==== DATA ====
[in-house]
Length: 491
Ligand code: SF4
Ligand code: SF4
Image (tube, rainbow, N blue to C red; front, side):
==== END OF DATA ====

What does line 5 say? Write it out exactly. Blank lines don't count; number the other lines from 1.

Image (tube, rainbow, N blue to C red; front, side):